In the previous sharing on the reality of our spiritual sickness, we shared that the study and application of God’s Word in Scripture is the ‘medicine’ we need daily in our walk with God as ‘pilgrims’ here on earth. This takes place individually and in Christian fellowship together.

I find Hebrews 4:12 AMPLIFIED very helpful in bringing home this truth:
“For the Word that God speaks is alive and full of power (making it active, operative, energizing, and effective); it is sharper than any two-edged sword, penetrating to the dividing line of the breath of life (soul) and (the immortal) spirit, and of joints and marrows (of the deepest part of our nature), exposing and sifting and analyzing and judging the very thoughts and purposes of the heart’.

This is complemented by:
“Every Scripture is God-breathed (given by His inspiration) and profitable for instruction, for reproof and conviction of sin, for correction of error and discipline in obedience, (and) for training in righteousness (in holy living, in conformity to God’s will in thought, purpose and action), so that the man of God may be complete and proficient, well fitted and thoroughly equipped for every good work” (2 Timothy 3:16-17, AMPLIFIED).

Notice how comprehensive and all-encompassing is the effect of receiving, applying, assimilating, and conforming to, the Word of God in our lives, individually and corporately. If we need correction, understanding, accurate perception and analysis of ourselves and the situations we face; if we desire to be transparent before God and to grow; if we desire to serve God effectively and in a manner fully pleasing to Him; – all these are not possible without the Word of God truly understood and applied in our lives sincerely.

If we think we can get along in our Christian lives rather ‘smoothly’; if we believe we can nurture a deep relationship with God and true brethren; all these without regular reading, studying and receiving God’s Word in our lives, we are deeply mistaken.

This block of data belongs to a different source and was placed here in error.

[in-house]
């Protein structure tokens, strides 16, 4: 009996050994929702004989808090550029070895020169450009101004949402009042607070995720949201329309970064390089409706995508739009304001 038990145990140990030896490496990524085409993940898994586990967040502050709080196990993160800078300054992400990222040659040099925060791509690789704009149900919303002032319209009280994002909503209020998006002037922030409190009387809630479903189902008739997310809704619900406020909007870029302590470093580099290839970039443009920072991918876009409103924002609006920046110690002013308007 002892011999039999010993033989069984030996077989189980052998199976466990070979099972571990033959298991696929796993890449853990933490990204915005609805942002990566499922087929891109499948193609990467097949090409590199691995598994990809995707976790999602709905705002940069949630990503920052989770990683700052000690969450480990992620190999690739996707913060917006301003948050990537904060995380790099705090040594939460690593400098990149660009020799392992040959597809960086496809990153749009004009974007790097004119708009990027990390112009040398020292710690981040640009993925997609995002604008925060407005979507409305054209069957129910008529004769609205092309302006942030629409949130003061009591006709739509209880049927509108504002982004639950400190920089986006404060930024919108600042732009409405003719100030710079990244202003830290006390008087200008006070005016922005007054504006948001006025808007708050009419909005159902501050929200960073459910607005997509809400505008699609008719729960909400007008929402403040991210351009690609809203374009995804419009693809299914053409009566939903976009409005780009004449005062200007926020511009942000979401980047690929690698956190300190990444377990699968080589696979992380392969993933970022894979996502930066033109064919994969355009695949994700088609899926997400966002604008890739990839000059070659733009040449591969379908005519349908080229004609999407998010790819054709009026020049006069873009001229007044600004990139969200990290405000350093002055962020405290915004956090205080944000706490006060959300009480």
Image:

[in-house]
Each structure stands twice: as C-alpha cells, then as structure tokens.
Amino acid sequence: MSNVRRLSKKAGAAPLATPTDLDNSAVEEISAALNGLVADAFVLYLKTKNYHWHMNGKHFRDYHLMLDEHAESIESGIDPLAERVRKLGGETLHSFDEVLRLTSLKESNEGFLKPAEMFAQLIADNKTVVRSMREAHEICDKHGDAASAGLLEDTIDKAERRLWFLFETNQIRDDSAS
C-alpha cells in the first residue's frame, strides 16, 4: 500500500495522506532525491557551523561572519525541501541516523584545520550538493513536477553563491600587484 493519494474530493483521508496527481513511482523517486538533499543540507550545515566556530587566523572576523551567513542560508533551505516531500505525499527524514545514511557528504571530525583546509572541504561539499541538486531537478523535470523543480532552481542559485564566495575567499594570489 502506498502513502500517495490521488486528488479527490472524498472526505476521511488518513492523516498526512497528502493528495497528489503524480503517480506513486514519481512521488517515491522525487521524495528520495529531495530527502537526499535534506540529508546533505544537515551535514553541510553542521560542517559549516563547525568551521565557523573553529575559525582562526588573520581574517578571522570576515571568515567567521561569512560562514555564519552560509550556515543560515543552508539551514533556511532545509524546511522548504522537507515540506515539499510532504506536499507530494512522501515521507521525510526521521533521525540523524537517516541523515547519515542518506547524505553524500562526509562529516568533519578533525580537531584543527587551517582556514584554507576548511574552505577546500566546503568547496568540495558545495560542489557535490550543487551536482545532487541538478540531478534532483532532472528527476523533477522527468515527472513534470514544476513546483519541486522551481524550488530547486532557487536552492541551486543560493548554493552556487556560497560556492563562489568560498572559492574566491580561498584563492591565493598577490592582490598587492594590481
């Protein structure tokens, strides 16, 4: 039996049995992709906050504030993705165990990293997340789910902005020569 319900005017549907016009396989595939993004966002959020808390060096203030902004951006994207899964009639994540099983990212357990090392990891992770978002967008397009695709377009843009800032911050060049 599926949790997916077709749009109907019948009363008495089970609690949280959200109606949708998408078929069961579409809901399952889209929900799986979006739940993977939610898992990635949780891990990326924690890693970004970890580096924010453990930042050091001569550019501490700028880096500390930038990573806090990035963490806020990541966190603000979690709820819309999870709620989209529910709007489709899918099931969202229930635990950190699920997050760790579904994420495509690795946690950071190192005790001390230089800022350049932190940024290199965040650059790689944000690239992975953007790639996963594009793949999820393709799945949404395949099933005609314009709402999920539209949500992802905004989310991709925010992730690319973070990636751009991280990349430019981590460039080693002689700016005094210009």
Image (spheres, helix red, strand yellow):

The truth is: we cannot grow in holiness without the ‘spiritual milk’ and ‘spiritual meat’ – our lives will be barren and our service to Him will not be truly fruitful; we cannot be the kind of Chrisians God wants us to be if we are not willing to receive and obey His Word – there will be no lasting victory over sin, no strengthening of our ‘inner man’, and no continual joy of the Lord in our lives and ministry, and God will not be able to use us for His holy and eternal purpose.

The consequences are serious – they can and will probably lead to eternal
negative ‘damage’ and effects. Do not take what the Bible has to say lightly – do not imagine that all is well as long as we appear in church regularly, and give our tithes faithfully, and do our duties and activities with approval from those in charge in the local congregation. Dear brethren (including ourselves), take heed to God’s exhortations and warnings!!


We considered the need for God’s holy Word to be studied, imbibed, and assimilated as ‘medication’ for our spiritual sickness in our journey as pilgrims on earth towards our final destination, prepared for God’s people.

However, we need to realise that the Scripture needs to be interpreted accurately and properly if we desire God’s Word to have its positive impact on our lives. In other words, there ought to be safeguards for interpreting Scripture.

“Do your best to present yourself to God as one approved, a worker who has no need to be ashamed, rightly handling the word of truth” (2 Tim. 2:15).

Notice the important qualification in handling the Scripture rightly in order to be approved by God and not to be ashamed for improper and distorted interpretation, and application of the word of truth.

The safeguards, rightly applied, can ensure that one’s interpretation of the Bible will be right; and that secular distortions will never invade one’s mind to discolour one’s thoughts in this process.

We know that Satan can also quote the Scripture (refer Matthew 4 in the temptation scene), but his objective in the quotation is always to lead us astray in our interpretation and application. We are aware that there can be subjective eccentricity in our own interpretation; and when this subjective eccentricity is manipulated by the evil one who plants ‘thoughts’ in our minds, the consequence can be serious distortions of the truth of Scripture. Most heresies begin with distortion of the truth, even an elementary aspect of it.

There must be precision in handling texts. The first step is to discover what each passage meant as a message about God written on His behalf to a particular envisaged readership – that is, what the original message was communicating, and the ones meant to receive that message.